Sunday, February 27, 2011
Saturday morning's coordination meeting went well. We met with our general contractor and foreman, our plumber, our electrician and our architect-of-record to talk through the next couple of weeks of work. We plan to start excavation on Thursday, then assemble the wood formwork for the concrete footings that will support the house's steel frame. The footing need to be poured before we can lay the utilities (plumbing and electrical lines), which in turn need to be set in place before we can pour the concrete slab. All of this work needs to be done before the steel frame can go up in April.
The technological advances that are leading toward a more sustainable future often don't appear that different from what we make and use today. Electric cars, like the Nissan LEAF we test drive last month, look and move a lot like gasoline powered cars. From a mobility standpoint, they wouldn't change our driving habits or cities much at all. They just have a much smaller carbon footprint than conventional cars.
The same is true of architecture, for the most part. Environmental sustainability often produces no major visible effects. Caulk and insulation are pretty much invisible, for example, and water- and energy-saving fixtures and appliances are often indistinguishable from their guzzlin' cousins.
What should sustainability look like? Is there an innately sustainable aesthetic?
In the meantime, though, be sure to include a 220V outlet to recharge your car.
Friday, February 25, 2011
Tuesday, February 22, 2011
A brief hiatus from blogging the house project while David tends to an awesome academic project: the fifth htc.Workshop, which kicks off with Ola Uduku's keynote lecture - West African Modern: Modern Movement Architecture in West Africa and the discourse of Tropical Regionalism - Thursday evening, 7pm, at The Wolfsonian-FIU.
Sunday, February 20, 2011
This house strives to work efficiently, from its consumption of resources to its use of space. It conserves resources through construction methods that use less material (such as the wall panels, which need just 3" to provide the strength and insulation of a 15" thick wall on a typical Miami house) and techniques that minimize the energy needed to operate the house (like providing lots of natural light to over 90% of the house, and shading the windows to avoid excessive heat gain). Between conserving and generating electricity, the house should only use a quarter of the energy of a new house built to code. Prefabricating most of the shell of the house will help us produce just a fraction of the on-site waste that conventional construction creates, and using recycled materials will reduce the amount of new resources consumed in the building process.
Saturday, February 19, 2011
The structural steel for the house should arrive the week of April 4, around six weeks from now. The steel pieces arrive pre-drilled so that they can be quickly bolted together on site. Part of the reason we're leaving the steel frame exposed is to show off the precision of the prefabrication system.
But before the steel can go up, a number of things have to happen in sequence:
Thursday, February 17, 2011
South Miami Green Task Force, including the weekly farmers' market in front of City Hall, and next Wednesday evening's presentation on urban biking facilities.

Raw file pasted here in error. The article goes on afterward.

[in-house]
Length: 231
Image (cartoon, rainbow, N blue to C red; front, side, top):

Wednesday, February 16, 2011
It's agood question. After all, the best course is often not to build at all. Renovation often (usually, in fact) involves less embodied energy, lower costs and less disruption to the surrounding area. So why not keep the existing house?
For us, it came down to two major issues: program and health.
Tuesday, February 15, 2011
The steel prefabricators for our project prepared this rendered perspective, which gives a good sense of what the house should look like. The structural frame is steel, and the walls and roofs are made of panels with thin steel faces on either side of a thick layer of foam insulation. We'll discuss the advantages of steel in later posts, but for now, consider a few compelling things:
Everything starts with a plan. In this case, it's a plan that's been growing and refining since 2008, when we purchased the lot and started to think about the ways each of the house's components related to the neighborhood around it.
The first gesture was probably the porch. Since the house sits at an intersection of two small streets, we decided to address the corner with a porch, which is analogous to the way we like greeting our neighbors. We'll write more about the house's stance toward social engagement in future posts.
Next came the living room and dining room, which form a single large space on the west side of the site.
On January 5, we had the existing house demolished. The existing house was built in two phases, beginning in 1968. Demolishing a house - even if you sort the rubble for recycling - is not exactly the most sustainable option for development. However, two things made the house unsalvageable: the garage sat on the corner of the lot, right at the intersection of two streets, and thus right at the point where we want to have a porch to greet our neighbors (not a box to store our cars); and the house was riddled with termite damage and mold. It took less than a day to reduce the house to dust, which is pretty humbling for two architects to watch.
Permit? check. Financing? check. Kick-off meeting with steel supplier? check. LEED certification started? check.
Over the next few months, we’re going to post regular updates on the design, construction and commissioning of our new home in South Miami, Florida. Subscribe to the blog (via Blogger, RSS or Facebook) to stay abreast of our progress.